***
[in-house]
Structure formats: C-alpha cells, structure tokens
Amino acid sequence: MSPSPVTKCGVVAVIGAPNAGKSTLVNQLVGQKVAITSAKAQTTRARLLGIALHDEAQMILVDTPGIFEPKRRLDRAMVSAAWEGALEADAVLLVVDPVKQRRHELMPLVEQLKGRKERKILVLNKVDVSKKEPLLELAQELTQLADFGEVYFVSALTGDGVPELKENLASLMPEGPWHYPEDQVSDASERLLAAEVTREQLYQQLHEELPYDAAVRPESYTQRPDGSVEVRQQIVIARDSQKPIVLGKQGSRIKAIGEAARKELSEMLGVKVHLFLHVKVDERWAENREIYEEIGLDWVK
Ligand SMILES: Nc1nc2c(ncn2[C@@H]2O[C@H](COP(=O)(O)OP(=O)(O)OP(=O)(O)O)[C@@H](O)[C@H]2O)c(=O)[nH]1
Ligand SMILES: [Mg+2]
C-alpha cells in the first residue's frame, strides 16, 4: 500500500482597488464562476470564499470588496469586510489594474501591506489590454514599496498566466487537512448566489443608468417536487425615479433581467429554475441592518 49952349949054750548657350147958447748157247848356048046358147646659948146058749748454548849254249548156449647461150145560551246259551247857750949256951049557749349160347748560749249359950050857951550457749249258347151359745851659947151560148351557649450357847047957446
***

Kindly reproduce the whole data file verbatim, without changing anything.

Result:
[in-house]
Structure formats: C-alpha cells, structure tokens
Amino acid sequence: MSPSPVTKCGVVAVIGAPNAGKSTLVNQLVGQKVAITSAKAQTTRARLLGIALHDEAQMILVDTPGIFEPKRRLDRAMVSAAWEGALEADAVLLVVDPVKQRRHELMPLVEQLKGRKERKILVLNKVDVSKKEPLLELAQELTQLADFGEVYFVSALTGDGVPELKENLASLMPEGPWHYPEDQVSDASERLLAAEVTREQLYQQLHEELPYDAAVRPESYTQRPDGSVEVRQQIVIARDSQKPIVLGKQGSRIKAIGEAARKELSEMLGVKVHLFLHVKVDERWAENREIYEEIGLDWVK
Ligand SMILES: Nc1nc2c(ncn2[C@@H]2O[C@H](COP(=O)(O)OP(=O)(O)OP(=O)(O)O)[C@@H](O)[C@H]2O)c(=O)[nH]1
Ligand SMILES: [Mg+2]
C-alpha cells in the first residue's frame, strides 16, 4: 500500500482597488464562476470564499470588496469586510489594474501591506489590454514599496498566466487537512448566489443608468417536487425615479433581467429554475441592518 49952349949054750548657350147958447748157247848356048046358147646659948146058749748454548849254249548156449647461150145560551246259551247857750949256951049557749349160347748560749249359950050857951550457749249258347151359745851659947151560148351557649450357847047957446